Seconding, Councillor Josephine Deehan, Independent, acknowledged the Minister gave great leadership but added: “The vital issue was to seeks to understand how half of all deaths across Northern Ireland from Covid-19 occurred in care homes, and fully investigate the reasons for this and ensure urgent remedial action is taken”.

She noted in welcoming the report, the Minster said care homes remained in the frontline battle against Covid-19, and the research complemented his Department’s “rapid learning initiative”.

However, said Councillor Deehan, “The report does not refer to a lack of PPE, Covid-testing, or regulation or protection of care homes.

“It is too narrow in scope. We need to know who set the terms of reference.

“We need a full, independent public inquiry and any mistakes made identified, with clear lines of responsibility and accountability.”

Councillor Eamon Keenan, Independent, described the report as: “Totally inadequate and not good enough. There are serious questions to be answered.”

However, slamming the motion and rebuking Councillor Deehan for seconding it, Ulster Unionist Councillor Victor Warrington said: “It’s disappointing that members are trying to undermine the work of one of Northern Ireland’s most highly-respected clinicians.

“When the proposers try to insinuate the author allowed himself to be used in some sort of cover-up, they not only insult him, but make entirely unfounded, fictious allegations. This Council is better than that.”

He added: “Whilst no doubt care homes suffered terribly, it is very important [that] when we discuss such topics, it is with utmost accuracy.

“I know the proposers obviously have the ability to believe the truth they want, but to be clear, the report found discharges from hospitals to care homes overall actually decreased during the first Covid [wave], compared to the same period in 2019.”

Democratic Unionist Councillor Mark Buchanan said: “I have no doubt the Minister did all he could and carried out an excellent job during the pandemic.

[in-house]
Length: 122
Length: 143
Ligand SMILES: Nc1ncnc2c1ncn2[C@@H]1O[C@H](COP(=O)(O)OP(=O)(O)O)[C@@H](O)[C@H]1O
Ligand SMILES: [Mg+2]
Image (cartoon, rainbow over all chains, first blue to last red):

“I wouldn’t agree with some of the comments. This Council has called for a public inquiry, and while not all parties voted for it, I believe the comments and outgoings of this motion could be included. But our party is against this motion.”

Rounding off, Councillor Adam Gannon, SDLP, told members: “Regardless of the contents of this report, we need an independent public inquiry.

“We do need to know who set the scope and Terms of Reference [of the review]. There should be clarity.

“It appears to be very narrow [in scope] and doesn’t address many issues, including [that] at a time when more vigilance was needed in care homes, the Department chose to reduce inspections.”

Summing up, Councillor O’Cofaigh thanked those in support and expressed understanding with those opposed for “various political reasons”.

He stressed: “Nothing in this motion calls into question the standing of the author.

“It’s about the limited scope and the failure to bring forward an independent public inquiry. Only that will bring closure and accountability for decisions.”

The matter went to a vote, which came in at 21-12 in favour, with both Unionist groupings standing against.